Division of 401(k)s in a divorce

According to a survey by the American Association of Matrimonial Lawyers in 2016, retirement accounts were the second most common issue divorcing couples fought over, just behind alimony. People in Texas who are getting a divorce and who must divide a retirement account should make sure they understand the complexities involved. Failing to do so could mean paying a significant amount in taxes and penalties or one spouse getting more than a fair share of the account.

With a 401(k) or a pension plan, it is necessary to obtain a document known as a qualified domestic relations order. The QDRO must be approved by the plan administrator, and then a distribution can be made. If the distribution will be rolled into an IRA, which is necessary to avoid a tax for early withdrawal, this should be specified in the QDRO. The terms of the QDRO must be consistent with the divorce agreement.

The beneficiary of the 401(k) should not be changed until the divorce is final in case the spouse who owns the account dies. The amount each person gets should be in percentages instead of dollar amounts since value can fluctuate. Dividing an IRA does not require a QDRO, but it still must be done correctly and rolled into another IRA in order to avoid taxes and penalties.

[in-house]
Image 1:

Since Texas is a community property state, under family law, most assets acquired by either spouse are generally considered to be shared property and are supposed to be divided equally. However, this does not mean that all couples must make a 50/50 split of all their property. For example, in lieu of the complexities and expense involved in creating a QDRO, one person might take different assets instead. However, it is important to ensure those assets have equivalent values once taxes and other expenses are accounted for.

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